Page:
Vera Bradley (NASDAQ:VRA) shares declined steadily in May as investors fretted over their expectations for its first quarter fiscal 2017 results. And on June 1, the company posted a 4% year-over-year gain in revenue for the period -- $105.2 million -- up from $101.1 million during the year-ago quarter, which was not enough to pacify shareholders.

Data by YCharts

What: The company's shares fell throughout May, not due to any specific financial news but simply because of general fears about the company's prospects. After closing April at $17.54, Vera Bradley stock dropped to $15.32 to finish May, a decline of nearly 13%, according to data provided by S&P Global Market Intelligence.

So what: Investors have been skeptical about the brand's prospects as it undergoes a turnaround plan led by CEO Robert Wallstrom. The initial results have actually been promising with first quarter earnings per share coming in at $0.06, up from a loss of $0.10 during the prior-year quarter.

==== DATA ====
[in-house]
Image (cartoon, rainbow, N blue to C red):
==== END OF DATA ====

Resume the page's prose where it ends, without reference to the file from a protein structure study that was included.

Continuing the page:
"First quarter diluted EPS was at the high end of our guidance, primarily due to diligent expense management and a lower than planned tax rate.  We achieved this EPS despite revenues at the low end of our guidance range, a reflection of a more challenging retail environment," Wallstrom said in the earnings release. "We are beginning the third year of our multi-year turnaround.  Our team is committed to executing our long-term strategic plan, focusing on the core areas of product, distribution, and marketing, and we are encouraged by our progress to return the business to sustainable growth."

Now what: Vera Bradley stock has continued its decline after the earnings numbers were released -- the market does not seem convinced yet that the turnaround efforts will work. That's a pessimistic view given that the first quarter numbers were solid, albeit not spectacular.

This is one of the cases where only time will tell. If the company keeps delivering incremental improvements, its share price should catch up. Right now, public perception may not match reality, and investors are waiting for stronger signs of a long-term, sustainable turnaround.

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